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Twelfth Night

If you have been celebrating the Twelve Days of Christmas, then you probably know that tomorrow, January 6, is the Twelfth Day of Christmas (also known as Epiphany). That makes tonight Twelfth Night (or Eve of Epiphany, also known as Old Christmas Eve). If you are familiar with the Twelve Days of Christmas carol, and can remember all of the gift bestowed upon the singer, you might get the idea that by the Twelfth Day of Christmas the singer's house is overrun with birds, musicians and household help. Well, that would make sense if you celebrated Twelfth Night - the culmination of the Christmas season's festivities. 


In medieval times, Twelfth Night was celebrated with grand balls and village parties, complete with Twelfth Night cakes (whether it be a French version, or an English one), with a bean or trinket hidden inside to choose the "king" to preside over the night's revelries.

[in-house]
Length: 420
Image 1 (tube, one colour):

Shakespeare's Twelfth Night or What You Will is believed to have premiered on January 6, 1601. In Elizabethan times, a temporary Lord of Misrule presided over the season's revelries while the nobility acted as servants - a world deliberately turned upside down for a short time. Social conventions were often broken at Twelfth Night parties where it was "anything goes" or, in other words, "What You Will." The title alludes to the festival atmosphere of the play and the plot involving illusions, mistaken identity, masquerades, jealousy, and of course, love.

Whatever the Twelfth Night of Christmas holds for you, I hope that it is warm and joyful, and helps you look forward to the next Christmas Season!



Twelfth-Night (The King Drinks), 1634-40, by David Teniers the Younger

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